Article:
Time then, is implied, like being. It is implied by mood, by language, by death. And being too, like time: “being and time determine each other reciprocally”—which is how, after 35-years, “Time and Being” can switch the order of Being and Time. But what is the meaning and ground of this reciprocity?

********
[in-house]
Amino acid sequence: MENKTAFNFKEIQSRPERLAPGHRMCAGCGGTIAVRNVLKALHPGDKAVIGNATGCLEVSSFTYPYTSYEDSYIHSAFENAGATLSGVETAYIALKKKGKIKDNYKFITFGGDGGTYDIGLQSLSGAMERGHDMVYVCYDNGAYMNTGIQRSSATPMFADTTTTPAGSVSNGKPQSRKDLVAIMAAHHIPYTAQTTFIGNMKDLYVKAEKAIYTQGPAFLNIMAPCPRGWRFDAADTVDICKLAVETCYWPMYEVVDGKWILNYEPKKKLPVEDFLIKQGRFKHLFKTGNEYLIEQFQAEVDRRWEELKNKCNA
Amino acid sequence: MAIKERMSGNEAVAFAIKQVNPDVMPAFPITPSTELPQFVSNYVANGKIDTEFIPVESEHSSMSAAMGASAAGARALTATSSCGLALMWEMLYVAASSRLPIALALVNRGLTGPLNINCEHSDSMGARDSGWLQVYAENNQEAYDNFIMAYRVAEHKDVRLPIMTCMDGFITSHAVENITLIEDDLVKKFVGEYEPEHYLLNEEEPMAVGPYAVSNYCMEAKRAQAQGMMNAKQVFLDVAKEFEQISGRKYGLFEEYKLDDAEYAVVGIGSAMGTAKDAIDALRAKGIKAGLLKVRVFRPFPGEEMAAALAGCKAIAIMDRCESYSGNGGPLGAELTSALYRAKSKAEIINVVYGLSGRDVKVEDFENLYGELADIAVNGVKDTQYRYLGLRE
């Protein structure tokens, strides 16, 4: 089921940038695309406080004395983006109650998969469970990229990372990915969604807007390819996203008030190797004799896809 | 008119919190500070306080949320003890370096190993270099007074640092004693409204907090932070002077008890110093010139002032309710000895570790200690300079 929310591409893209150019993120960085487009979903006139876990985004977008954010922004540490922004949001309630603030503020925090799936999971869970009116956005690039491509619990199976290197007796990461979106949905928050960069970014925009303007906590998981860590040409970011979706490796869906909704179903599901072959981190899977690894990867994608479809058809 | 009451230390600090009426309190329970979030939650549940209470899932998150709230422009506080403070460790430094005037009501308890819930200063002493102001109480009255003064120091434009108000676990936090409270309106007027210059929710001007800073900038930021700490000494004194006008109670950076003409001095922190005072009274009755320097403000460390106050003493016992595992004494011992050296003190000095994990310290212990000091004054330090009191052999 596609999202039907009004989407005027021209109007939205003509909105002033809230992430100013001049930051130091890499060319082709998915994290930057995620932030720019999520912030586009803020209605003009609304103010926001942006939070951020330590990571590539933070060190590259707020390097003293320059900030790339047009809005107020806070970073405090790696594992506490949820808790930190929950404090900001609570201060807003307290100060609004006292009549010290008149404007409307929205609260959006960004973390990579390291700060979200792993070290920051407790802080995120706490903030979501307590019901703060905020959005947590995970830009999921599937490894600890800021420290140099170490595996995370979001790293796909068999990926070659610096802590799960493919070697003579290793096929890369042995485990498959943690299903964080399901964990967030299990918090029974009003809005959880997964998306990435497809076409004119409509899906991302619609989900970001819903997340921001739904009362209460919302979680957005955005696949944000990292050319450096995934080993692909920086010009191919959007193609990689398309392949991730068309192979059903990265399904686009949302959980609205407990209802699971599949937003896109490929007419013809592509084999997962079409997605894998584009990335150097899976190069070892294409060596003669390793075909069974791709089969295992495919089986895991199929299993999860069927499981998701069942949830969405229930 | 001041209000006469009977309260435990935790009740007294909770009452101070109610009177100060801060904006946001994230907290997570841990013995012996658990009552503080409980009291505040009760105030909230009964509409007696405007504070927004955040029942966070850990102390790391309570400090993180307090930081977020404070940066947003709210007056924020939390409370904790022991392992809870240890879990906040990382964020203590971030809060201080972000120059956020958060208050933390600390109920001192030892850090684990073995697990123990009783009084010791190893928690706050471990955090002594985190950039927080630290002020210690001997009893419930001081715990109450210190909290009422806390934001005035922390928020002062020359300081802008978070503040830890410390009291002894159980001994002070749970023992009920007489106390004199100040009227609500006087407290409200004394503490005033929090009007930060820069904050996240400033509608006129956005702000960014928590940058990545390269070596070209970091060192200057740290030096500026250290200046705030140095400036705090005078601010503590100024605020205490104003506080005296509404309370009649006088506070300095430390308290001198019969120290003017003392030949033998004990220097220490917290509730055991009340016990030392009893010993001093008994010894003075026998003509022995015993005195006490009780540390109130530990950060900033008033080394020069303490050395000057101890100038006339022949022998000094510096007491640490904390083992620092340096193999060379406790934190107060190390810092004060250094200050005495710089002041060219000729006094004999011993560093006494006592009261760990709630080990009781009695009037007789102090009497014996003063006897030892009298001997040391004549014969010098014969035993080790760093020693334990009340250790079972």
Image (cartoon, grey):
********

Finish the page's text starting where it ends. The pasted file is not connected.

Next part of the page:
For Heidegger, the answer lies in the event, Ereignis, which lets being and time be temporally, opens up and allows them to come to presence and go out into absence, be present now and/or absent then; although neither is being a being, nor is time temporal. In other words, being and time are the same and are one thing, insofar as they are implied by everything that is, including each other—but they are not identical insofar as their way of implying differs: being determines how everything comes to presence and/or goes out into absence; time determines how everything is present and/or absent. The sameness of being and time, of time and being, is the unity of their relation, Verhältnis, Wechselbezug beider, their own belonging-together which gives them the chance to be (and reveal themselves as) what they are—which is why Heidegger names them with the idiom, es gibt, that is, both “there is” and “it gives.” In this way, being and time are gifts and givers. On the one hand, they are given insofar as they come to presence and/or go out into absence; on the other hand, they give of themselves, extend themselves, share themselves with everything (like Platonic participation, methexis or metalēpsis, as well as koinōnia), which is how they lose nothing thereby, but remain undiminished by (the happening of the event of) the giving. Thus, the gift of time and being is being and time themselves, which is how they can determine things ontologically and temporally.